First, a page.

Earthquake Tectonics and Prediction Research
 

 

 

Earthquakes are the result of ruptures of the rocks under tectonic stress. Therefore, they are a physical process that should in principle be predictable. However, only few earthquakes have been successfully predicted and there is no known method that works in general. To understand tectonic processes to a point that earthquakes can in some cases be predicted, or at least partially predicted, should be a principal goal of seismologists, but many capable scientists keep clear of the subject because amateurs and idealists who do shoddy science meddle in the topic of earthquake prediction research. WAPMERR takes the attitude that tectonic processes should be studied in a rigorous manner with the aim to possibly one day predict some earthquakes.

Seismicity patterns is a research topic in which WAPMERR personnel have collaborated with researchers at the Federal Institute of Technology in Zuerich, Switzerland, the National Meteorological Office in Reykjavik, Iceland and the University of Paris. We study two different parameters: (1) The ratio of the number of small to large earthquakes (the b-value in the equation log N = a ⍩, and (2) seismicity rate changes.

(1) b-value Patterns

Our research group has developed strong evidence that b-values are inversely proportional to stress and that asperities are in some places mapped by low b-value. Asperities are the crustal volumes from where a maximum of seismic energy is radiated during an earthquake and from where the rupture often initiates. These are the highly stressed volumes along a fault zone and the recurrence time in them is the lowest. Therefore, it is important to identify asperities.

The results of these studies are reported in the following papers.

Schorlemmer, D., S. Wiemer, and M. Wyss (2004), Earthquake statistics at Parkfield I: Stationarity of b-values, J. Geophys. Res., 109, B123234, 123210.121029/122004JB003234.

Schorlemmer, D., S. Wiemer, and M. Wyss (2005), Variations in earthquake-size distribution across different stress regimes, Nature, 437, 539-542.

Wyss, M. (2001), Locked and creeping patches along the Hayward fault, California, Geophys. Res. Lett., 28, 3537-3540.

Wyss, M., and S. Matsumura (2002), Most likely locations of large earthquakes in the Kanto and Tokai areas, Japan, estimated based on local recurrence time, Phys. Planet. Int., 131, 173-184.

Wyss, M., and S. Matsumura (2005), Verification of our previous definition of preferred earthquake nucleation areas in Kanto-Tokai, Japan, Tectonophys., 417, 81-84.

Wyss, M., C. Sammis, R. Nadeau, and S. Wiemer (2004), Comparison between seismicity on creeping and locked patches of the San Andreas fault near Parkfield, California: fractal dimension and b-value, Bull. Seism. Soc. Am., 94, 410-424.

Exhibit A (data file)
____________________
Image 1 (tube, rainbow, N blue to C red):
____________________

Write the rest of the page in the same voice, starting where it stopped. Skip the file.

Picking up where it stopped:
Wyss, M., and R. Stefansson (2006), Nucleation points of recent main shocks in southern Iceland mapped by b-values, Bull. Seism. Soc. Am., 96, 599-608.

As an example we tested the hypothesis that most larger than average earthquakes should occur in the volumes of shortest recurrence times (low b-values) Figure 1 shows that epicenter of earthquakes during the 4.5 years after we had published a map of asperities in the central part of Japan mostly do fall into these locations proposed as asperities

Epicenters (cirlcles) of the earthquakes with M > 3.8 between 1999.0 and 2003.5 in the declustered catalog.  The study area selected in our previous work (Wyss and Matsumura, 2002) is outlined by a dashed line, the previously mapped areas of anomalously low recurrence time are outlined by sold lines and colored pink.  Of the 23 events 19, or 83%, fall into the anomalous areas.

   
 
 
  We also map the tectonic fabric, by the heterogeneity of seismic behavior to help understand where earthquakes are most likely to happen. As an example Figure 2 shows a three dimensional map of the ratio of small to medium sized earthquakes (b-value) in southern Iceland. In this area, this parameter varies strongly over distances of only 1 km. As in others areas WAPMERR investigated, main earthquake ruptures emanate from the volumes with the largest percentage of medium sized earthquakes (darkest blue in the figure).    
 

(2) Seismic Quiescence

   
 

 

WAPMERR has also participated in developing evidence supporting the hypothesis of seismic quiescence as a possible precursor. “Seismic quiescence” is defined as a statistically significant seismicity rate decrease that occurs before a major earthquake in and around its source volume and that cannot be explained by artificially introduced reporting changes.

In one case study the hypothesis of precursory seismic quiescence was confirmed by WAPMERR research. Figure 3 shows that in a large part of normally active Sakhalin Island not a single earthquake occurred during 2.5 years before the M7.6 Neftegorsk earthquake of 26 May 1995 that killed about 2000 people. The map at the left shows the center of the region of statistically most significant quiescence in red.

Reference: Wyss, M., G. Sobolev, and J. D. Clippard (2004), Seismic quiescence precursors to two M7 earthquakes on Sakhalin Island, measured by two methods, Earth Planets and Space, 56, 725-740.